Cornwallis had withdrawn to Hillsboro, where he expected the local Tories would rally to him, as he had chased Greene out of the state. Little support arrived and he left on February 27 as food ran short.
At Wetzell’s Mill, on Reedy Fork Creek in North Carolina, British forces attacked a body of infantry and Continental cavalry under Col. Otho Holland Williams, who fought a delaying action and retreated. Haller, William Washington, 103.The Americans lost 8 killed and 12 wounded, while the British had 30 casualties and numerous desertions. Peckham, Toll of Independence, 6.
The definitive account of the battle is Lawrence E. Babits and Joshua B. Howard.Long, Obstinate and Bloody: The Battle of Guilford Courthouse(Chapel Hill: University of North Carolina Press, 2009). Cornwallis marched from New Garden towards Guilford, a twelve mile hike, hoping to catch Greene off guard, but Henry Lee was two miles in front of Greene’s force and skirmished with them, “fighting and retreating for about half-an-hour, which disconcerted and retarded the enemy very considerably.” William Campbell to Rev. Cumming, September 1780, [sic], Robert Wilson Gibbes, Documentary History of the American Revolution Consisting of Letters and Papers … 1776-1782, (New-York: D. Appleton & Co., 1857), 139. Lamb called it “one of the most signal battles ever gained by British valour.” Lamb,An Original and Authentic Journal, 349. Francis Dundas wrote “I wish it had produced one substantial benefit to Great Britain, on the contrary, we feel at the moment the sad and fatal effects our loss that Day, nearly one half of our best Officers and Soldiers were either killed or wounded, and so completely worn out by the excessive Fatigues of the campaign, has totally destroyed this army.” Buchanan, Road to Guilford Courthouse, 381-82.
Of some 4,444 American troops, losses were 78 killed, 183 wounded, and about a thousand missing. Peckham, Toll of Independence, 82. Cornwallis lost 532 out of his force of 1,900. Wood, Battles, 256. On April 10, 1781, Cornwallis wrote from Wilmington, North Carolina, to Gen. William Phillips that he “was obliged to fight a battle 200 miles from any communication against an enemy seven times my number.” Henry Steele Commager and Richard B. Morris, eds., The Spirit of Seventy-Six — The Story of the American Revolution as told by Participants. (New York: Harper & Row, 1975), 1201. Cornwallis withdrew to Wilmington and then confounded both Greene and Sir Henry Clinton with the decision to march into Virginia, explaining to Clinton on April 23 that he thought Charlestown was safe from the rebels and “resolved to take advantage of General Greene’s having left the back part of Virginia open and march immediately into that province.” Bobrick, Angel, 432. John Vaughan had been appointed an ensign in the Delaware Line in October 1780.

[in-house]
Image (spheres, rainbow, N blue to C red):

Otho Holland Williams wrote this day from headquarters “near Speedwell Terrace in North Carolina” and stated the army had “been worsted in a general Action, But not defeated.” Otho Holland Williams to Catherine Greene, 19 March 1781, Collections of Rhode Island Historical Society 20, 4 (October 1927), 107.
“he was hanged on a tree by the roadside in full view of all who passed by.” William Seymour, “A Journal of the Southern Expedition, 1780-1783,” Pennsylvania Magazine of History and Biography7, (1883), 379.
Greene had fallen back about ten miles after the battle at Guilford. When he heard of Cornwallis’ retreat he started after him, but the weather was so bad and the “roads were so deep” Greene gave up the pursuit and returned to South Carolina. “the behavior of the southern militia was so uniformly bad during the whole war that their presence in action would never be regarded as adding much to the strength of the corps they happened to side with — on the contrary.” William B. Willcox, ed., The American Rebellion: Sir Henry Clinton’s Narrative of His Campaigns, With an Appendix of Original Documents(New Haven, Yale University Press, 1954), 268.